Feb 25 2013
Listen to Thom Hartmann discuss trade deficits with Ohio Senator Sherrod Brown.
HARTMANN: You’ve got this plan for a national network for manufacturing, innovation, jobs and this sort of thing. Please tell us about this.
BROWN: Well, first of all, we know a number of things. We know that in order to create wealth you grow it, you make it or you pull it out of the ground. We don’t do as well making things as we used to as a nation. We are a very productive manufacturing work force but not nearly as many people work in it now and we don’t make nearly as much in this country as we used to. We lost five million manufacturing jobs between 2000 and 2010 but since the auto rescue we’ve grown back about 500,000 of those jobs. To do the kind of advanced manufacturing we need to do, (and it doesn’t mean we turn our backs on traditional manufacturing), we need a bit more of a partnership between the federal government and the local governments and business and labor and universities.
Youngstown, Ohio is the first place in the country to have something like this called the National Additive Manufacturing Innovation Institute. It’s working with Carnegie Mellon in Pittsburgh and Case Western in Cleveland and Youngstown State in Youngstown and local businesses and community colleges. It’s sort of a teaching hospital model where there’s a specialty that grows out of it and entrepreneurs grow out of that and create the kind of jobs that give people a shot at the middle class.
HARTMANN: It sounds like a great thing. Steve Keene is a professor of economics in Australia at Western Australia University and he’s sort of a regular on this program and earlier in the week we were talking about basically these three things that have to be in balance in a macro-economy.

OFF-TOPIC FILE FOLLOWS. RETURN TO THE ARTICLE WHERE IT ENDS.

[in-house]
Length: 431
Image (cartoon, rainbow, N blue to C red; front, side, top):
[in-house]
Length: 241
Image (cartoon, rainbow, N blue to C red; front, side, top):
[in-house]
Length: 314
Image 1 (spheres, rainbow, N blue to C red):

One is the public government sector whether it’s in debt or whether it’s in surplus. The second is the private sector whether it’s in debt or in surplus and how it’s doing. And, the third, is the balance of payments sector, which is basically the trade debt plus or minus any deals we may have with other countries, investments we have abroad, things like that that bring money in or cause money to go out. And, he made the point that the reason why Japan is relatively unaffected by a debt to GDP ratio of over 200 percent and China is flirting with numbers at or around that, maybe vastly more than that. It’s because these three numbers have to be in balance. When you have a national debt of 16 trillion that literally means that there’s 16 trillion dollars in the private sector that’s in savings invested in that debt. It’s like double entry bookkeeping. But the plus or minus part is the trade deficit or surplus.
And since the Reagan Administration we’ve had about a 9 trillion dollar trade deficit in the United States since we really seriously started flirting with global free trade. And, those countries that have a surplus, like Japan and China are able to run huge deficits without it affecting them, in fact arguably to their benefit rather than their detriment. They have all kinds of elbow room for government to do things that can further enhance that. How come we never hear a conversation about our trade debt and deficit?
Listen to the rest of the interview with Senator Sherrod Brown.
Thom’s Guest: Sherrod Brown, Ohio State Senator
Visit Senator Brown’s website.
Learn more about the Additive Manufacturing Institute.
SONALI KOLHATKAR IS ON MATERNITY LEAVE.